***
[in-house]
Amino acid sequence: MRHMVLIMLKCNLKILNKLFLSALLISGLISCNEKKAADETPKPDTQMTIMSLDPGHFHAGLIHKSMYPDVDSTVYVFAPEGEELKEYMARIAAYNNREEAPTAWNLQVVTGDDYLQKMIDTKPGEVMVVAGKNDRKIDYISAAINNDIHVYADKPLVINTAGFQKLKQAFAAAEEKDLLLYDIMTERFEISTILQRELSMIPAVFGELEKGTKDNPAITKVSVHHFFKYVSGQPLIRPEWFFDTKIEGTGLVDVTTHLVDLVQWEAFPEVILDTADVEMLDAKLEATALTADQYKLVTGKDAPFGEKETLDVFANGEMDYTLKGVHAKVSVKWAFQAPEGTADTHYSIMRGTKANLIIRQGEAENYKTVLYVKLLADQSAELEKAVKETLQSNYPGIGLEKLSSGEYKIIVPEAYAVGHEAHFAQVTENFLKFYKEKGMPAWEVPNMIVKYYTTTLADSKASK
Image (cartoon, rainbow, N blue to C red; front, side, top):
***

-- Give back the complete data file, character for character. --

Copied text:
[in-house]
Amino acid sequence: MRHMVLIMLKCNLKILNKLFLSALLISGLISCNEKKAADETPKPDTQMTIMSLDPGHFHAGLIHKSMYPDVDSTVYVFAPEGEELKEYMARIAAYNNREEAPTAWNLQVVTGDDYLQKMIDTKPGEVMVVAGKNDRKIDYISAAINNDIHVYADKPLVINTAGFQKLKQAFAAAEEKDLLLYDIMTERFEISTILQRELSMIPAVFGELEKGTKDNPAITKVSVHHFFKYVSGQPLIRPEWFFDTKIEGTGLVDVTTHLVDLVQWEAFPEVILDTADVEMLDAKLEATALTADQYKLVTGKDAPFGEKETLDVFANGEMDYTLKGVHAKVSVKWAFQAPEGTADTHYSIMRGTKANLIIRQGEAENYKTVLYVKLLADQSAELEKAVKETLQSNYPGIGLEKLSSGEYKIIVPEAYAVGHEAHFAQVTENFLKFYKEKGMPAWEVPNMIVKYYTTTLADSKASK
Image (cartoon, rainbow, N blue to C red; front, side, top):